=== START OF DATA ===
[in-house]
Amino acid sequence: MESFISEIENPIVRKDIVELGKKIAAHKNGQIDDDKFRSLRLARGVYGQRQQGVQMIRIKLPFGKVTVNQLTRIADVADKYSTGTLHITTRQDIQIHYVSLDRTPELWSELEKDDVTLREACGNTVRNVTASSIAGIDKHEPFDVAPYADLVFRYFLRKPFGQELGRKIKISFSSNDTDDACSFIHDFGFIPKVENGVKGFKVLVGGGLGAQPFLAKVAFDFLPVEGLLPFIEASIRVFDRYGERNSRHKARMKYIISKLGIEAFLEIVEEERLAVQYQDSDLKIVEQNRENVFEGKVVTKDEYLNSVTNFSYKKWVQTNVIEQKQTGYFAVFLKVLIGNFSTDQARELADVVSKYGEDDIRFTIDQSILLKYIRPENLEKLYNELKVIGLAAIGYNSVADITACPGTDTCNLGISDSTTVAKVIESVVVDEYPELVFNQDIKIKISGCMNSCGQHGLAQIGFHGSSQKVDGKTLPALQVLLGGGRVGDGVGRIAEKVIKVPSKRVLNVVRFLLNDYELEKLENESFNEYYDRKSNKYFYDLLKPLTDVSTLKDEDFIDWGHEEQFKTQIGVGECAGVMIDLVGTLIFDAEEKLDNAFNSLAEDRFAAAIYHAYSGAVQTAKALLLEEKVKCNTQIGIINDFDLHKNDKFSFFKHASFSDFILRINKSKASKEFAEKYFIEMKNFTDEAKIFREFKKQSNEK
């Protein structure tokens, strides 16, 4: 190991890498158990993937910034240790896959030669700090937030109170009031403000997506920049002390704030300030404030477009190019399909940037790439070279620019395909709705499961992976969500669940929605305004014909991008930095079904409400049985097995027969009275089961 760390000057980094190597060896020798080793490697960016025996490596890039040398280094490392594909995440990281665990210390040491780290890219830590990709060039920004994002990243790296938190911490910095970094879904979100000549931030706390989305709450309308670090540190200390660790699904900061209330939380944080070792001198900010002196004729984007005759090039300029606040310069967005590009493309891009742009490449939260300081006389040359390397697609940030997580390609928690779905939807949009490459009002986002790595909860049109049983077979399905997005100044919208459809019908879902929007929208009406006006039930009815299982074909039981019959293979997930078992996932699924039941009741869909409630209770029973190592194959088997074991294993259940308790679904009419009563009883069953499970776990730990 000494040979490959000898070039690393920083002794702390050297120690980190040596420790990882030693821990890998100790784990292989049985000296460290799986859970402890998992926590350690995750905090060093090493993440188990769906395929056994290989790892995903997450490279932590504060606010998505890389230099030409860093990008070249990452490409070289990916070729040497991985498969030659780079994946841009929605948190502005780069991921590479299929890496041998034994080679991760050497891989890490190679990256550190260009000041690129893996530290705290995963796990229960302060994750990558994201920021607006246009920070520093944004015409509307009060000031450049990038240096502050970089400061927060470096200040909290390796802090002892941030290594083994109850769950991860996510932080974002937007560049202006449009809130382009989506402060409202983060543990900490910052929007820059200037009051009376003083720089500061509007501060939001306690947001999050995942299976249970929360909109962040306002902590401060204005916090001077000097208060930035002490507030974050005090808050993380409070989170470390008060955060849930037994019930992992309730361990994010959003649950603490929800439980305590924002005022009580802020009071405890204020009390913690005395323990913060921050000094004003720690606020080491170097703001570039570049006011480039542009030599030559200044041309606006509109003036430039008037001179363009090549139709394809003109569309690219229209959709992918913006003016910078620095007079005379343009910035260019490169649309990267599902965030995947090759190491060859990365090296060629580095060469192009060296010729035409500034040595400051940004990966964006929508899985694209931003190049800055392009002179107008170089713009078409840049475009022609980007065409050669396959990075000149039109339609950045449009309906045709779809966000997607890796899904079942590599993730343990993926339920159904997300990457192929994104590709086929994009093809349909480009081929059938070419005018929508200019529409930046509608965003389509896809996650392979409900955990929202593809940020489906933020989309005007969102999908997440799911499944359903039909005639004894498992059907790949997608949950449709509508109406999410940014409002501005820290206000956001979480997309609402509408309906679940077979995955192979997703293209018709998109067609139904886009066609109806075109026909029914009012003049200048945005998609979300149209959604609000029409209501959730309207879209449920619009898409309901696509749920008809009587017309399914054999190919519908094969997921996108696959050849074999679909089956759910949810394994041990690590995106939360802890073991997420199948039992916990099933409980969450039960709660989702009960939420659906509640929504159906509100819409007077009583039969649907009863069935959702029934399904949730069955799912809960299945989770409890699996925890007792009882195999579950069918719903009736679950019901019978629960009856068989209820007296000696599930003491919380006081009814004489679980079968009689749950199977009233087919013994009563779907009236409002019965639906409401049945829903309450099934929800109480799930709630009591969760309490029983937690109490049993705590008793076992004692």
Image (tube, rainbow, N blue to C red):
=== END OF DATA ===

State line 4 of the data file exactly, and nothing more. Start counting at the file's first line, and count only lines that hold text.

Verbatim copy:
Image (tube, rainbow, N blue to C red):